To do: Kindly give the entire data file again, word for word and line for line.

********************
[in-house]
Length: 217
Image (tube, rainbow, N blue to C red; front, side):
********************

[in-house]
Length: 217
Image (tube, rainbow, N blue to C red; front, side):